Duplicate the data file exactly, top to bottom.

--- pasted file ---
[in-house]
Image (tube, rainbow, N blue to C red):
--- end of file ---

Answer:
[in-house]
Image (tube, rainbow, N blue to C red):